The city and a company named Lario Enterprises had entered into an agreement to develop and manage what would become Heartland Park in 1988. Jayhawk Racing took over the management agreement in 2003, according to court documents. The city approved issuing about $10.5 million in STAR bonds in December 2005 to finance about half of the cost of redeveloping Heartland Park.

 

Jayhawk argued Heartland Park has a significant effect on Topeka, bringing in about 200,000 guests annually, for a total economic impact of $159.9 million per year.

 

http://m.cjonline.com/news/business/2014-10-27/jayhawk-racing-seeks-join-heartland-park-petition-case#gsc.tab=0

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Chevy Nick

Heartland Park depositions to go forward, but under seal

 

Jayhawk Racing will participate in the case surrounding a petition to force a vote on the purchase of Heartland Park, and a last-minute motion from the city to stop depositions scheduled for Thursday morning fell short — though the depositions’ content will be sealed.

 

A hearing Wednesday afternoon to determine whether Jayhawk Racing should be allowed to participate in the city’s lawsuit related to a petition filed by Topekan Chris Imming expanded in scope unexpectedly. The hearing touched on that issue and also what, if anything, Imming’s attorney should be able to ask city and county employees in depositions scheduled for 10 a.m. Thursday.

 

Jayhawk Racing, which is owned by Ray Irwin, owns Heartland Park. The case centers around whether a petition Imming circulated to force a vote on the purchase of Heartland Park is invalid because of what the city alleges are flaws in its language.

 

Kevin Fowler, attorney for Jayhawk Racing, said the business had no choice but to intervene after Imming’s attorney, R.E. “Tuck” Duncan, filed a motion to challenge the city’s right to bring the suit. Fowler told Judge Larry Hendricks that Jayhawk’s rights were affected if the voters decided not to purchase Heartland Park.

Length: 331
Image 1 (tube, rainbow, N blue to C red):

“Because of the timing, (a vote) in and of itself may cause Jayhawk Racing to go out of business,” he said.

 

Duncan said Jayhawk’s argument was based on what the voters might decide to do, not whether Imming’s petition was valid.

 

“They’re whining about the fact that they could lose some money if the vote goes forward,” he said.

 

Hendricks ruled that Jayhawk should be a party to the suit, based on their concrete interest in its outcome, and the fact that no one would represent them if the city’s portion of the suit were to be dismissed.

 

Attorneys representing the city of Topeka filed objections to Duncan’s request to depose county counselor Rich Eckert, Mayor Larry Wolgast, city manager Jim Colson, city attorney Chad Sublet and city administrative and financial services director Doug Gerber beginning Thursday morning. Lawyer Curtis Tideman said Duncan had set out wide parameters for potential questions, which could reach into political issues or areas covered by attorney-client privilege.

 

Duncan said he needed to determine whether the city council reached a “consensus” in executive session without conducting a public vote.

 

“What (Duncan’s) telling you is he’d like to go fishing for an open meetings violation,” Tideman said.

 

“I’m not fishing,” Duncan responded.

 

Hendricks ruled the depositions could go forward, and that he would rule on whether any questions were out of order and whether any information gained should be used in the hearing on the petition’s merits. He also put a protective order on the depositions, preventing their public release.

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Chevy Nick

We're in the midst of litigation and legal maneuvering now.

 

Attorney: Topeka city manager can't file suit to challenge Heartland Park petition

 

The city of Topeka’s challenge to a petition requiring a vote on the purchase of Heartland Park is invalid because the city council never voted on it, according to a defendant’s motion filed Monday.

 

The city has argued the additional $5 million in STAR bonds to purchase Heartland Park would allow it to expand the sales tax district surrounding the race track, allowing it to continue paying back the roughly $10 million in bonds it issued in 2006 to finance racetrack improvements. The city and the state both would give up sales tax revenue in the expanded district to pay off the combined bonds. The existing bond district has never produced enough sales tax revenue to pay off existing bonds.